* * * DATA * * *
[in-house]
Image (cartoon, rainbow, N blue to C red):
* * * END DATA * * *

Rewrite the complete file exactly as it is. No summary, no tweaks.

[in-house]
Image (cartoon, rainbow, N blue to C red):